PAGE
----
By Arlyn Roffman, Ph.D.
Becoming a responsible consumer is essential for adjusting to adult life, yet many adults with learning disabilities (LD) rank handling money and banking as the most difficult among the problems they encounter. Problems in this area are often tied to specific characteristics of LD or attention-deficit/hyperactivity disorder (AD/HD). This article describes common pitfalls and offers parents strategies for providing teens with LD or AD/HD a foundation of money management know-how necessary for independent living.
The table below illustrates some of the ways various characteristics of LD and AD/HD can result in financial challenges.
|Learning or attention problem||Challenges when managing money|
|Impulsivity||Problems with impulse buying beyond the limit of one's budget|
|Memory problems||Difficulty remembering to record bank transactions (for example, ATM cash withdrawals)|
|Temporal problems||Issues with remembering to pay bills on time|
|Organizational problems||Difficulty gathering all the items (monthly statement, check register, calculator, etc.) necessary to balance one's checkbook|
|Distractibility||Trouble maintaining concentration during the process of reviewing one's checking account|
|Visual discrimination||Tendency to make errors in calculation due to number inversions (for example, writing "61" or "19" instead of "16")|
|Spatial issues||Tendency to misalign numbers in the check register columns, leading to computation errors|
|Visual figure-ground problems (focusing on one image against a busy background)||Problems focusing on individual lines of the monthly bank statement|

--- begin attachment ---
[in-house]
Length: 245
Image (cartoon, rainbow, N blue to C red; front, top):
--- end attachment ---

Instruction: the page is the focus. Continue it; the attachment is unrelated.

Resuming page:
|Reading||Trouble reading store signs (or price tags), notices from the bank, and contracts (for instance, for membership to a gym)|
|Spelling||Difficulty spelling numbers correctly when writing out checks|
|Math||Problems performing mental math (estimating how much an item on sale at 25% off will cost, for instance, or knowing how much change to expect when making purchases); difficulty performing calculations involved in reconciling a checking account|
Money management skills can be introduced very early, with children in the lower elementary school grades learning the value of the coins and currency they save in their piggybanks and having your guidance when deciding how to spend their savings. As your child with LD or AD/HD matures, you should gradually introduce more complex skills, such as budgeting and managing a checking account.
Here are some strategies for teaching consumer skills and money management during your child's middle and high school years:
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